OBJECTIVE: Biochemical markers are commonly used in medicine to guide diagnostic investigation or therapy duration and/or monitor treatment efficacy. Due to the emergence and spread of antimicrobial resistance, markers able to prompt a more rational use of antimicrobial therapy are regarded with the greatest attention. Procalcitonin (PCT) certainly stands out among others, yet its role must be better established especially outside of the critical care area. Data about PCT utilization in non-critical patients, optimal negativity cut-offs as well as a protocol for measurement timing are all lacking.
MATERIALS AND METHODS: To address these issues, a focus group was set up to propose and endorse shared statements regarding the most beneficial use of PCT in real life as infection marker for non-critical patients, based on the authors' experience and a review of recent literature.
RESULTS: A group of nine experts in the fields of Infectious Diseases, Internal Medicine, Microbiology, Clinical Chemistry, Surgery and Medical Economics participated in the discussion of nine pre-specified statements.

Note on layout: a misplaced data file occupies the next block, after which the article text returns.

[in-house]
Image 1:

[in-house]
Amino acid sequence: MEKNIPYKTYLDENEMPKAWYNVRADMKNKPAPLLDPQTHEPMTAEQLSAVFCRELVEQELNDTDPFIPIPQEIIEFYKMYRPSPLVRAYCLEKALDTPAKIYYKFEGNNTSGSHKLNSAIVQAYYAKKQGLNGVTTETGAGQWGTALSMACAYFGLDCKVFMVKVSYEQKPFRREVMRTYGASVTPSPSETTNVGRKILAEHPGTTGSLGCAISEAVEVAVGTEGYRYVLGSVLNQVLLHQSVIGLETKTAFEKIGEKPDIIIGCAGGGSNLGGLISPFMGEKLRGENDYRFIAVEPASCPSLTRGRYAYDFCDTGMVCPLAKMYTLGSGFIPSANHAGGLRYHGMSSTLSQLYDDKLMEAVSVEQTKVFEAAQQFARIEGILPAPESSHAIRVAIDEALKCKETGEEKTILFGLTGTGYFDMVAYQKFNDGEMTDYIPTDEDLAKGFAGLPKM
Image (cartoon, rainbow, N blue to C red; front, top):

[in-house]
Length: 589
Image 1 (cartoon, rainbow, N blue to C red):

CONCLUSIONS: The potential role for PCT in differentiating infectious and non-infectious clinical syndromes and guiding antimicrobial therapy discontinuation was acknowledged. Moreover, a shared measurement protocol and desirable cut-offs for the non-critical area were proposed. Finally, observations were made about a reasonable selection of the patient population to be tested.
|Number of pages||8|
|Journal||European Review for Medical and Pharmacological Sciences|
|Publication status||Published - Apr 2019|